Scott declared Richmond had been the benchmark of the competition, but clarified questions regarding his previous comments that the gap between them and the rest wasn’t as great as other top teams in recent memory.

“The competition is getting more even year on year, by design, the AFL has set it up that way. I think it’s very clear we’re coming into an era where the gap between the very best team and very worst team is smaller than it’s ever been,” he said.

“I’ve said over and over again, they’ve clearly been the best side of the past three or four years … but the idea that only three or four teams could win it, which was where the competition used to be, is just crazy and I think that’s good for the game.

“We haven’t been arrogant enough to think we have everyone else covered bar Richmond, it’s really difficult to get to this stage in the first place, but I guess in the back of our mind it’s been really clear that Richmond have been the best team and to win a premiership you’re more than likely going to have to beat them.”

Asked whether Ablett’s swansong was a motivating factor for the Cats, captain Joel Selwood said “very small”.

“And that’s no disrespect to him, but Gaz came out at the start of the year and allowed everyone in the football world to know this is (his last season) and hopefully I speak for everyone that we’ve celebrated him the right way,” Selwood said.

“It would be lovely to see him up there receiving a medal at the end of the day, but I’m sure Trent’s (Cotchin) going to say different.”

To which Cotchin replied: “I like Gaz, but not that much though”.

Both teams all but confirmed they would go into the grand final unchanged from their preliminary final wins.


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AFL Grand Final 2020 Richmond Tigers vs Geelong Cats, live updates, score, start time, video, blog

Ultimate glory will be awarded to the champion of the AFL’s most unpredictable and difficult season in decades as Richmond faces Geelong in the 2020 Grand Final.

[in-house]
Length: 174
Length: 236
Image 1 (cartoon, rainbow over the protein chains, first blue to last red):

Richmond (14-5-1, third on the ladder) is trying to win its third premiership in four seasons, something only eight teams in VFL-AFL history have ever done, and become a dynasty.

Geelong (14-6, fourth on the ladder) is back in the flag decider for the first time since 2011, when coach Chris Scott – in his first year in charge – led this team to its third flag in five years.

Catch Fox Footy’s Grand Final coverage on Kayo. Stream all the latest news and insight right up until first bounce plus half-time and full-time analysis from the Fox Footy commentary team. New to Kayo? Get your 14-day free trial & start streaming instantly >

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AFL Grand Final 2020: When is the Grand Final, start time, dates, fixture, tips, Grand Final public holiday, Richmond vs Geelong, weather

Richmond will face Geelong in the 2020 AFL Grand Final.

The Tigers are fighting for their third premiership in four years and unofficial dynasty status, while the Cats finally broke their preliminary final hoodoo and are aiming at their first flag since 2011.

See everything you need to know about the Grand Final below.

Stream the full or condensed replay of the 2020 Toyota AFL Grand Final on KAYO SPORTS. Get your 14-day free trial & start streaming instantly >

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AFL Grand Final 2020 start time, Richmond v Geelong, Australia, AEDT, running sheet, half time entertainment, anthem, press conferences

This season has been the most unique in footy history and that trend continues right up until Grand Final day.

Richmond plays Geelong in the decider on Saturday October 24 in the first ever AFL Grand Final held at night.

It’s also the first time the last match of the season has been taken away from Melbourne, and will instead be played at the Gabba in Brisbane.

The opening bounce is scheduled for 6.30pm local time. The start time for everyone around Australia is as follows: WA (4.30pm), NT (6pm), QLD (6.30pm), SA (7pm), VIC, NSW, TAS, ACT (7.30pm)